“Our central reform is the Open Banking programme to harness the technological changes which we have seen transform other markets,” stated Smith. “We want customers to be able to access new and innovative apps which will tailor services, information and advice to their individual needs.”

louise-beaumontLouise Beaumont, of GLI Finance, sat on the CMA taskforce; commenting on the report Beaumont labeled the announcement a “coming of age for Fintech.”

“The Open Bank Working Group was set up in 2015 to develop a roadmap for how technology and innovation could reshape the banking sector. Having sat on that taskforce, I’m delighted to see our recommendations being taken so seriously by the CMA and our hope is that they will continue to exert pressure on traditional banks to harness the power of technology to provide SMEs with quicker and broader access to the range of financial products they need to help fuel growth. Make no mistake, this report marks the coming of age of FinTech and we must ensure that all stakeholders embrace the potential benefits this can deliver to customers.”

Isabelle JenkinsIsabelle Jenkins of PwC’s banking group lauded the CMA stating the group had “stuck to its guns.”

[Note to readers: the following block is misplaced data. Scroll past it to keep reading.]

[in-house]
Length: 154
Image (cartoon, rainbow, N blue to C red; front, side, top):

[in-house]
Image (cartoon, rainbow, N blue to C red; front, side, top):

“The CMA has stuck to its guns and kept its remedies materially unchanged from the provisional measures it consulted on earlier this year. This is despite calls from challenger banks urging the CMA to take more radical action on capital requirements. While challenger banks are likely to be disappointed with today’s report as the CMA confirmed it will not carry out further analysis on this issue, they could yet see a more significant shake up from the PRA, Bank of England and the Treasury . The CMA’s proposal for an open Application Programme Interface (API) standard, which would give consumers access to more information from banks, is at the heart of its package of remedies. FinTech firms are potentially one of the winners here, but the ambitious timescale for the project means implementing it, and the CMA’s other measures, could be challenging and costly for banks. This package of measures will go some way towards addressing customer apathy towards bank account switching. But there needs to be a more even playing field between established banks, challengers and FinTech firms for the full benefits to be passed on to consumers.”

Jenkins echoed Beaumont’s analysis that the report has “significant consequences for the alternative finance sector as a whole”

“these measures will help raise awareness of niche providers who are able to offer the right types of specialist product, quickly and at an appropriate price to the SME.”

Jenkins labeled the policy initiative as helping the UK economy in the post-Brexit world;

“Our hope is that through effective implementation these various measures will combine to not only deliver significantly better outcomes for customers but also help play a role in injecting genuine competition to deliver much needed economic growth as UK plc adjusts to a post-Brexit environment.”

The UK is unique in its policy of emphasizing a competition mandate. The approach helps to guarantee consumers get better services at a lower cost while compelling older, established firms to provide better service.